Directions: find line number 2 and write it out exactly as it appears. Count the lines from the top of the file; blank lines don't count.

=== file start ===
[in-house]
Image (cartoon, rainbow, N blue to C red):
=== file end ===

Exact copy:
Image (cartoon, rainbow, N blue to C red):